MUSIC

'Tommy,' We Can Still Hear You: The Who's Rock Opera Turns 45

05/23/2014 11:02 EDT | Updated 05/23/2014 11:59 EDT
ASSOCIATED PRESS
Singer Roger Daltrey of the Who is seen during the final performance of the rock opera "Tommy," at the Metropolitan Opera House in New York, June 7, 1970. Drummer Keith Moon and lead guitarist Pete Townshend, who wrote "Tommy" perform in the background. (AP Photo/Harry Harris)

When The Who released their fourth studio album "Tommy" on May 23rd, 1969, the times were certainly a-changin'. The Beatles were on the verge of breaking up and, with America fully absorbed in Vietnam, the hippie movement and the Summer of Love were in full bloom. Social ideologies the world over were in a complete state of flux, and while America was busy putting a man on the moon, its civil rights leaders were being assassinated.

You can watch old newsreels or read history books, but if you want to be able to feel where a past society was at, your best bet is to listen to the music of the times.

Billed as the first “rock opera”, "Tommy" was primarily composed by Pete Townsend. It's a double album that tells the story of a young boy who, traumatized after witnessing his father murder his mother’s lover, develops a psychosomatic condition that renders him deaf, dumb and blind. The narrative subsequently embeds itself into the fantasy world that exists inside Tommy’s head, to which he retreats from the horrors of his waking life.

Hailed by some as a musical masterpiece and likened to being both pretentious and exploitative by others, the critics were split at the time of Tommy’s release. Despite being banned from The BBC and various radio stations in the U.S., the album succeeded in becoming a commercial hit and launched The Who to international stardom.

"Tommy" established The Who as much more than a singles act, carrying them beyond the previous success of songs like “My Generation.”

Allegedly inspired by Townsend's experience with the enlightenment teachings of Indian spiritual master, Meher Baba, the album was certainly a lofty ambition. While some have argued that ambition was never fully realized, Townsend's ability to create a successful, long-form, conceptual narrative, blew the doors wide open for rock music.

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The Who Songs

"Tommy" was as vivid structurally as it was sonically, seeking to, as Townsend once put it in an interview with Rolling Stone: “create this feeling that when you listen to the music you can actually become aware of the boy, and aware of what he is all about, because we are creating him as we play."

"Tommy" also found a great deal of success beyond the recording, during The Who’s live show. Unlike other rock operas that followed in its footsteps, "Tommy" was always performed in the raw and as a straightforward rock concert; it was not accompanied by a live theatrical show. Guitarist John Entwistle once said: “I don't think 'Tommy' was all about [what] was on the record –– I think it's on the stage. The message is much stronger on stage than on record."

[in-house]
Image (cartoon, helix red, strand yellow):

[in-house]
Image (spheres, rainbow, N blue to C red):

Despite the album’s inherent complexities, Townsend and The Who were intelligible enough to ensure that if necessary, each song could exist on it’s own. Never loosing sight of music’s most fundamental elements––solid pop melodies, harmonies, and persuasive instrumentation––"Tommy" produced some of the band’s most recognizable hits. Not only did songs like “Pinball Wizard,” “I'm Free” and “See Me, Feel Me,” come to define Townsend as one of the most intriguing and innovative songwriters of the 1960's, but also cemented The Who’s place amongst rock and roll royalty.

In 1969, "Tommy" was as unusual as it was groundbreaking. An amalgamation of eccentric ideas and modern perversions presented in a fully imagined form, thematically it was a microcosm of the chaos that existed in the real world while sonically it sought to embody the idea of itself. The Who's ability to successfully present the notion of a “rock opera” to a commercial audience, has since seen "Tommy' directly influence everything from Andrew Lloyd Webber's "Jesus Christ Superstar" (1970) to Bowie’s "The Rise and Fall of Ziggy Stardust and the Spiders from Mars" (1972) and Pink Floyd’s "The Wall" (1979), all the way to Green Day’s "American Idiot" (2004).

Forty-five years later, The Who's "Tommy" endures, making its presence known across musical genres and artistic formats, and continuing to appear on most influential album lists the world over.